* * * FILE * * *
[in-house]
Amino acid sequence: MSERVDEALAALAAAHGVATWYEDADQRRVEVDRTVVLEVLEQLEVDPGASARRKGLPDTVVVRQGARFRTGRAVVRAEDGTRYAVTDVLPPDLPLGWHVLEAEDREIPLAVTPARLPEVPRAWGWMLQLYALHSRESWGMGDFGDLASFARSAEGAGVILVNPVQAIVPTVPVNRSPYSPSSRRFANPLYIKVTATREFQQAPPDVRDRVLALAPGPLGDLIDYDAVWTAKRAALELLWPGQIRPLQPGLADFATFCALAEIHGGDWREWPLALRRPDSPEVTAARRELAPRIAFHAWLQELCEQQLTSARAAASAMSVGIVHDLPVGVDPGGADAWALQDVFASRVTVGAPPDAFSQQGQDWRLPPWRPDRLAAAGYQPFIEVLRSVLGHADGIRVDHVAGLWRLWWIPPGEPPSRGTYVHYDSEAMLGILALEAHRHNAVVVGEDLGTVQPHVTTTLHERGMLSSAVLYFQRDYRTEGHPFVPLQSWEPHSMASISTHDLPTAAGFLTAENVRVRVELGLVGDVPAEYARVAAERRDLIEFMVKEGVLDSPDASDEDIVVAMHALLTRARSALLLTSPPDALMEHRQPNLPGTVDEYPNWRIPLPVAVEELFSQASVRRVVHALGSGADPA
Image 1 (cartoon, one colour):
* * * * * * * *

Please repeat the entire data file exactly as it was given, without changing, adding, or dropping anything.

[in-house]
Amino acid sequence: MSERVDEALAALAAAHGVATWYEDADQRRVEVDRTVVLEVLEQLEVDPGASARRKGLPDTVVVRQGARFRTGRAVVRAEDGTRYAVTDVLPPDLPLGWHVLEAEDREIPLAVTPARLPEVPRAWGWMLQLYALHSRESWGMGDFGDLASFARSAEGAGVILVNPVQAIVPTVPVNRSPYSPSSRRFANPLYIKVTATREFQQAPPDVRDRVLALAPGPLGDLIDYDAVWTAKRAALELLWPGQIRPLQPGLADFATFCALAEIHGGDWREWPLALRRPDSPEVTAARRELAPRIAFHAWLQELCEQQLTSARAAASAMSVGIVHDLPVGVDPGGADAWALQDVFASRVTVGAPPDAFSQQGQDWRLPPWRPDRLAAAGYQPFIEVLRSVLGHADGIRVDHVAGLWRLWWIPPGEPPSRGTYVHYDSEAMLGILALEAHRHNAVVVGEDLGTVQPHVTTTLHERGMLSSAVLYFQRDYRTEGHPFVPLQSWEPHSMASISTHDLPTAAGFLTAENVRVRVELGLVGDVPAEYARVAAERRDLIEFMVKEGVLDSPDASDEDIVVAMHALLTRARSALLLTSPPDALMEHRQPNLPGTVDEYPNWRIPLPVAVEELFSQASVRRVVHALGSGADPA
Image 1 (cartoon, one colour):